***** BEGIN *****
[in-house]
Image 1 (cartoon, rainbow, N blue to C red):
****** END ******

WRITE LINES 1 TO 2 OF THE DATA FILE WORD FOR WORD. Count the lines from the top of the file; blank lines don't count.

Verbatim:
[in-house]
Image 1 (cartoon, rainbow, N blue to C red):